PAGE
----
2nd Monkeypox Case Reported in England
A 2nd individual has been diagnosed with monkeypox in England, Public Health England (PHE) confirmed.
This patient had recently traveled to Nigeria.
Nigeria is where the 1st UK patient with monkeypox had visited, said PHE on September 8, 2018. This monkeypox case was the first diagnosed in the United Kingdom.
Monkeypox is, in most cases, a mild condition which will resolve on its own and have no long-term effects on a person’s health. It is a rare disease caused by the monkeypox virus and has been reported mainly in central and west African countries.
Most people recover within several weeks, says PHE.
Dr. Nick Phin, Deputy Director, National Infection Service at PHE said in a press release, “We know that in September 2017 Nigeria experienced a large sustained outbreak of monkeypox (42 laboratory-confirmed cases from 14 states) and since then sporadic cases have continued to be reported.”
“It is likely that monkeypox continues to circulate in Nigeria and could, therefore, affect travelers who are returning from this part of the world.”
“However, it is very unusual to see 2 cases in such a relatively short space of time,” said Dr. Phin.
As of September 7, 2018, the US Centers for Disease Control and Prevention (CDC) have not issued a specific monkeypox Travel Alert for Nigeria.
But, the CDC’s travel notice for Nigeria includes the following normal immunizations, such as MMR, diphtheria-tetanus-pertussis, varicella, polio, and the annual flu shot. Additionally, Hepatitis A and Typhoid vaccinations are recommended to most travelers.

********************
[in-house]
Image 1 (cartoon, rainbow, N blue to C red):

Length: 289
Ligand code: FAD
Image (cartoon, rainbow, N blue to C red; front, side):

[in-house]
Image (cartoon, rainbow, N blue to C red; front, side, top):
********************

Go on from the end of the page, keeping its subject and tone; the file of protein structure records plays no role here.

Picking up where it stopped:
Monkeypox is a rare viral infection that does not spread easily between people. It is usually a mild self-limiting illness and most people recover within a few weeks. However, severe illness can occur in some individuals.
The infection can be spread when someone is in close contact with an infected person.
Initial symptoms include fever, headache, muscle aches, backache, swollen lymph nodes, chills, and exhaustion.
A rash can develop, often beginning on the face, then spreading to other parts of the body. The rash changes and goes through different stages before finally forming a scab, which later falls off.
During the 2003 monkeypox outbreak in the USA, the CDC (37 confirmed cases), and advised that certain people get the smallpox vaccine.
For most persons who have been exposed to monkeypox, the risks are greater than the risks from the smallpox vaccine.
Previous research suggests that the current smallpox vaccine, ACAM2000, is 85 percent effective in preventing monkeypox when given before exposure to monkeypox.
At this time, ACAM2000 has been stockpiled by the USA federal government for emergencies, and is strictly controlled for biodefense purposes and is not commercially available, according to the CDC.